6. The Two Become One
How we almost ruined a great honeymoon.
September 1953 to June 1954 was the longest ten-month period that either one of us had ever spent. We were only together for the Christmas and Easter holidays during that time, but both were memorable events. My Christmas present from Mary that year was one I would treasure for years to come. It was a reference Bible which I valued, but inside the flyleaf she had inscribed an obscure verse from the Old Testament that had become most meaningful to her: "Can two walk together except they be agreed?" (Amos 3:3) She was reminding me that we had agreed on our commitment to the Lord and to each other.
She says there was something else in her mind as well when she chose that verse:
"I also thought that once we were married, the disagreements and arguments which we had experienced through our courtship would work themselves out. I felt that marriage would be the panacea for all our problems. We walked the aisle with stars in our eyes on that sunny June day in 1954, knowing that God had brought us together and He would help us have a good marriage. One of the songs sung at the wedding was 'Savior Like a Shepherd Lead Us.' We chose it because the desire of our hearts was to be led by our Savior."
Several hours after the ceremony we were on our way to Niagara Falls, the honeymooner's paradise, and the first few days were ecstatic. But the habits people cultivate during their courtship do not necessarily change when they say "I do," not even when their heart's desire is to please the Lord. We were only several days into the honeymoon when some of our old habit patterns resumed.
It was a rather cool Canadian summer day as we set out to ride the cable car over the Niagara River rapids. We had only driven a few miles from the motel when Mary began complaining that she was cold. That was nothing new. She had been known to be cold when the temperature is in the nineties. But this time she had forgotten to bring her sweater. After discussing it for a few moments, we agreed to proceed to the falls rather than take the time to return for the sweater.
Then we saw the sign: "See the rapids, only 50 cents." So we paid our fifty cents each, which was a lot of money in those days, took the elevator as we were instructed to do, and were ushered out onto a wooden walkway along the river where we could stand and "see the rapids" (just as the sign had promised). It was a tourist trap. We wondered how many other unsuspecting people had been taken in by the deception.
We returned to our car angry that we had been cheated, and angry that we were not smart enough to notice that this was not the cable car ride we were looking for. We couldn't afford to waste even one dollar. This was to be a low-budget honeymoon. We had very little money, and we needed to preserve what we had for the imminent trip to Dallas and my enrollment into seminary.
A few miles down the road we came upon the attraction we had been looking for all along--a breathtaking cable car ride across the rapids to a cliff high on the opposite side. As we got out of the car, it became increasingly clear to me that it was too cool and windy for my cold-blooded wife. And besides, we could not afford another dollar. I suggested we forego the ride.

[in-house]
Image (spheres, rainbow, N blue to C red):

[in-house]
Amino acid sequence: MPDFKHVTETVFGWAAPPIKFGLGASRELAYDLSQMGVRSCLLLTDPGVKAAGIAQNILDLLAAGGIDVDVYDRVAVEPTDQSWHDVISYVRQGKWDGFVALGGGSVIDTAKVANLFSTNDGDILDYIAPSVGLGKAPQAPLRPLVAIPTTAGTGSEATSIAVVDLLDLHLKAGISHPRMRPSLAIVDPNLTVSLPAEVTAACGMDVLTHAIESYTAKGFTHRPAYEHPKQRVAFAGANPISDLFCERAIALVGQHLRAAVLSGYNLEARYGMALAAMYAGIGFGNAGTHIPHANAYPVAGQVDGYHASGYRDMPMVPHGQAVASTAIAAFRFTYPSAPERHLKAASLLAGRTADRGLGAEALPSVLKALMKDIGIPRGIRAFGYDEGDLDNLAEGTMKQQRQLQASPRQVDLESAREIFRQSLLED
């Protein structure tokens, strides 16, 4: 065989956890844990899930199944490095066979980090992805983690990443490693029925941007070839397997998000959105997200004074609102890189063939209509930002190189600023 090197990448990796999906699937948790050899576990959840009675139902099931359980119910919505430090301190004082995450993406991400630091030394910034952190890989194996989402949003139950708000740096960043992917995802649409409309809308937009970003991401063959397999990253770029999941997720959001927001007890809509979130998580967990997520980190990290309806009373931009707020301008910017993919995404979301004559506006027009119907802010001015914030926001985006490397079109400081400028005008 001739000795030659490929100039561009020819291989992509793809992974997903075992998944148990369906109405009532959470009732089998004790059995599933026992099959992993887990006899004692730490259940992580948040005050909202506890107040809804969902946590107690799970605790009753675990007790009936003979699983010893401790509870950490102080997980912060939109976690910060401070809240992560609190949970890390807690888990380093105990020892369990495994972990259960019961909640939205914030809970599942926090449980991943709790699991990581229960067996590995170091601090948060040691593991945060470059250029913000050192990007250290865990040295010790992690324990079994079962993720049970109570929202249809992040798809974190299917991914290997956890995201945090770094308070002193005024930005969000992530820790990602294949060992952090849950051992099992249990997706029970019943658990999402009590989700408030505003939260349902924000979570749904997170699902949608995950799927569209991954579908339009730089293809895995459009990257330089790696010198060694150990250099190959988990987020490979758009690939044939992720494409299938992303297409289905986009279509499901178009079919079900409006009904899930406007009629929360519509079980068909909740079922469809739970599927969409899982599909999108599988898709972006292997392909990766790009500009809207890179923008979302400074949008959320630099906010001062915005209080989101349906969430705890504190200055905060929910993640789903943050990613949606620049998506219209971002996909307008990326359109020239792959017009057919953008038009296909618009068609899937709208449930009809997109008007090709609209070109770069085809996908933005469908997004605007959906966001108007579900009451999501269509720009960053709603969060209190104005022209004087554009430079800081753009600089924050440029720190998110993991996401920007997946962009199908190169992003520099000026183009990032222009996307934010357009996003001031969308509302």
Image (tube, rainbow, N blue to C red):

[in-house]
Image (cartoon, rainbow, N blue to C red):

And the lid blew off! Mary began angrily accusing me of being inconsiderate and unloving. And the more she fussed and fumed and attacked my fragile self-esteem, the more stubborn I became. There was no way now that I was going to take her on that cable car.
As I look back on it, having learned a little more about acceptable communication, I realize that the argument was anything but inevitable. I was probably feeling irritated that she had forgotten her sweater. But if I had been thinking, I would have realized that keeping her warm on that cable car would have been fun! In addition, I was feeling defensive and sorry for myself when she attacked my character and doubted my love. But if I had been thinking of her rather than myself, I would have picked up the signals she was sending--that she was feeling unloved and of little value, not even worth fifty cents.
Had I been sensitive to her and accepting of her feelings, I would have said something like, "Honey, I think I'm still angry about being cheated out of that dollar, and that's why I'm reluctant to spend another one. I do love you very much, and if this is important to you, I want to do it." After all, this was our honeymoon, a once-in-a-lifetime happening. What is one dollar compared to the good memories of shared experiences?
Mary says, "I know now that asking Richard in a kind way would have been far more satisfactory than the accusations I made. Something like: 'Honey, this is something I really want to do. I realize it's a lot of money, but maybe we can make up for it by not spending as much for dinner tonight. Besides, you can keep me warm on that cable car!'"
It would also have helped if we both could have admitted our anger, then expressed a sense of humor over the tourist trap and the loss of our precious dollar. Something like, "Boy, they got us on that one. But we'll be a little smarter next time." A sense of humor is essential to good communication. Start asking yourself, "What is humorous in this situation? What can we laugh about together?" It will help to defuse the tension and draw you to each other in greater intimacy.
It should be obvious by this time that becoming one flesh does not guarantee harmony and agreement. Marriage is not the magic elixir that remedies all the ailments in a relationship. In fact, it usually intensifies the weaknesses that are already there, which we were just beginning to discover. And this was only round one.
Rehearse one unpleasant incident in your marriage that could have been defused if you had seen the humor in it. Talk about how it could have been handled in a better way.
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